Yesterday Jewish Week reporter Jim Besser wondered if Obama’s inaugural mention of “Christians and Muslims, Jews and Hindus” would start a “whole new whispering campaign” among those on the Right who would take the third-place mention of the Jews as a political slight.
Forget a whisper: The ZOA shouts it right out loud. From its press release:
“We are a nation of Christians and Muslims, Jews and Hindus — and non-believers.”
ZOA: What is the reason President Obama chose this sequence when listing these four religions?
Throughout its history, the United States has always been known as a nation based on Judeo-Christian values and heritage.
Moreover, surveys show that there are some 5 – 7 million Jews living in the United States. Most surveys show that there are 1.8 – 2.8 million Muslims living in the United States.
In contrast, in President George W. Bush’s Inauguration Speech on January 20, 2001, he said the following, “Church and charity, synagogue and mosque, lend our communities their humanity, and they will have an honored place in our plans and laws.”
The Wall Street Journal‘s James Taranto makes a few guesses, none of which he says passes muster.
Here’s my guess: In typical parallel structures like these — “a and b, x and y” — the speaker is usually assuming a similarity or relationship between each compound clause. Try it: “young and old, rich and poor, black and white, liberal and conservative.”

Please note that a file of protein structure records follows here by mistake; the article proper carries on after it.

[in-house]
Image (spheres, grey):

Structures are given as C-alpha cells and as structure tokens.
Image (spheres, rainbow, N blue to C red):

Had the new president gone with “Christians and Jews, Muslims and Hindus,” as I presume the ZOA would have preferred, it would have made two groupings — the “usual” (Christians and Jews) and the “new and unusual” (Muslims and Hindus).These typical groupings would have “privileged” the Christians and Jews, and relegated the other religions to a second clause.
Obama is no doubt aware of America’s “Judeo-Christian” heritage (which is more Christian than Judeo, as Larry Yudelson has argued ). I’m guessing Obama, in the spirit of inclusiveness and change that he represents, tweaked the expected order of the religions in order to signal that the traditional conception of American religion is giving way to one that is more diverse, and that our religious weave is more complicated than a few “exotic” religions tacked onto the Judeo-Christian cross-stitch.
We don’t normally think of America in terms of “Christian and Muslim,” or think about the relationships between “Jew and Hindu.” Perhaps Obama is saying that it is time that we did, since the American mosaic grows more complicated each day.
(It’s a bit like that upside-down map of the world, which tries to shake up the usual “Eurocentric” view of the planet, or those dinner-party seating arrangements that separate husbands and wives.)
Is Obama putting Muslims’ interests ahead of the Jews’? I doubt it. Saying that he is just trying to break down old categories is consistent with his campaign message — indeed, his biography.
And if I were a Buddhist, I would be so pissed.